How Lewy body dementia affected a couple’s relationship and lives

By Mary Lou Falcone

Did you know that Lewy body dementia (LBD) is the second most common form of progressive dementia after Alzheimer’s disease, affecting at least 1.4 million Americans? Plus, more people have LBD than ALS, muscular dystrophy, and cerebral palsy combined. And more people have LBD than are HIV-positive.

LBD is frequently misdiagnosed, as it can mimic Alzheimer’s disease, and more often than not prompts  the questions “Lewy what?” and “How do you spell that?” 

The biggest distinguishing factor of LBD from the other progressive dementias, especially Alzheimer’s disease, is that cognitive awareness fluctuates. Some days the person with LBD is 100 percent with it, understanding everything, and the next day may not even know who you are.

Approximately two months before he died, my beloved husband, Nicky Zann, wrote a poem about what it feels like to be trapped by Lewy body dementia. Here now, to bring awareness from an insider’s viewpoint to this underserved disease, I share Nicky’s poem on how dealing with LBD affected our relationship and our lives.

“The photo on the wall     

 if I’m not mistaken, was     

taken when our love was      

just brand new.     

“It was not long ago, when   

we were making the plans,      

to love each other strong    

and be true.     

“A devil in our home,     

used deception to corrupt     

the loyal angel that     

my heart knew.     

“An instant into this      

cruel and hateful reception     

vengeance replaced the heart that once     

beat true.      

“With blinding rage, and searing pain

a ready knife filled my hand.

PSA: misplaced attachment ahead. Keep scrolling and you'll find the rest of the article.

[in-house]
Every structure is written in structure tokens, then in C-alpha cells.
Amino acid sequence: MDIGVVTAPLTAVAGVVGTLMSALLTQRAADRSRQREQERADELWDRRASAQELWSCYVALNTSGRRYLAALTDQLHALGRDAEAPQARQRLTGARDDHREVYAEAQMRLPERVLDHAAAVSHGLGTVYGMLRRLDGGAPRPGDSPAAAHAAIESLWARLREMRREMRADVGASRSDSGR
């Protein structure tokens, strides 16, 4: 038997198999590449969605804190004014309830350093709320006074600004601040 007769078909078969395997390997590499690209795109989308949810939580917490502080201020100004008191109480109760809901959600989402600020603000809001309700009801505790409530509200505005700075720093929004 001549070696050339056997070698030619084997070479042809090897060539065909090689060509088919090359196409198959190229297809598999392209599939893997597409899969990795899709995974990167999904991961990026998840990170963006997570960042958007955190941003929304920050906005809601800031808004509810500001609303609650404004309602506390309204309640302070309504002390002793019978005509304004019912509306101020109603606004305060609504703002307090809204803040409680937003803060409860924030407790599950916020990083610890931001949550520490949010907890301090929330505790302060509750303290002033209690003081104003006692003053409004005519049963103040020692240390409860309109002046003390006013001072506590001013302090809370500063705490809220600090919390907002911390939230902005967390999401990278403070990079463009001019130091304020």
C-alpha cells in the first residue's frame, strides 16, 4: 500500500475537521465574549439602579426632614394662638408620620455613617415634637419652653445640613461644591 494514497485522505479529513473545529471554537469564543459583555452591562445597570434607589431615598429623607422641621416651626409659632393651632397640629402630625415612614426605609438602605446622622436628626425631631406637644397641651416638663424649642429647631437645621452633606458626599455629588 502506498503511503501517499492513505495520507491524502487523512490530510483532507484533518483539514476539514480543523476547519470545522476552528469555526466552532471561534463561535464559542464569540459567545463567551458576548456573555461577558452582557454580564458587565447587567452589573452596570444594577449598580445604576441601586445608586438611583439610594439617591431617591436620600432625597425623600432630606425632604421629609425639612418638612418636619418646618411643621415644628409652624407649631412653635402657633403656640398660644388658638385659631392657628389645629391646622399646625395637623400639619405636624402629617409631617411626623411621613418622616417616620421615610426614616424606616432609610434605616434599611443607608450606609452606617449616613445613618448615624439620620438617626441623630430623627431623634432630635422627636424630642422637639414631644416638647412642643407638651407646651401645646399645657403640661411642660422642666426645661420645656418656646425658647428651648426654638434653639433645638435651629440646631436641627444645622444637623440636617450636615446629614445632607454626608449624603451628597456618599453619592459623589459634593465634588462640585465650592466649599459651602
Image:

I thrashed with intent

cutting them down and never

was the same again.

“While I wait, for my date     

with the hangman and his chore      

and by chance I see my      


that less than human sight that     

haunts each tortured night     

that stranger in the mirror is me. . .”

I found this poem three months after Nicky passed and instantly knew that I was meant to find it posthumously. After the initial shock, what it gave me was affirmation that Nicky knew what was happening to him right to the end and that he needed to share it, he needed to help others understand.

It is our hope, Nicky’s posthumously and mine currently, that understanding a bit more about Lewy body dementia will help caregivers, as well as those who are experiencing the disease, know that you are not alone.

Mary Lou Falcone ( is a classical-music publicist and the author of “I Didn’t See It Coming: Scenes of Love, Loss, and Lewy Body Dementia.”  Her husband, Nicholas “Nicky’ Zann,” was a 1950s rock ‘n’ roll musician and a cartoonist and painter.


Lewy body dementia (LBD) is the second most common form of progressive dementia after Alzheimer’s disease, affecting at least 1.4 million Americans, most of them 50 or older. It often is misdiagnosed. Robin Williams, the actor and comedian, didn’t know he had it when he died; instead, doctors had told him he had Parkinson’s disease. LBD can cause visual hallucinations, significant lack of alertness, rigid muscles, slowed movement, and tremors, according to the Lewy Body Resource Center. More information is available at and